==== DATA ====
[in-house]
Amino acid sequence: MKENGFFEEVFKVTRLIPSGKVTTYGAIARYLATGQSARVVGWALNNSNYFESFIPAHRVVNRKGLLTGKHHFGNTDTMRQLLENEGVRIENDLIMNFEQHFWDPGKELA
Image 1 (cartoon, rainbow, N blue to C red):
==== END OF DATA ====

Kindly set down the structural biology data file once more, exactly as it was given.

[in-house]
Amino acid sequence: MKENGFFEEVFKVTRLIPSGKVTTYGAIARYLATGQSARVVGWALNNSNYFESFIPAHRVVNRKGLLTGKHHFGNTDTMRQLLENEGVRIENDLIMNFEQHFWDPGKELA
Image 1 (cartoon, rainbow, N blue to C red):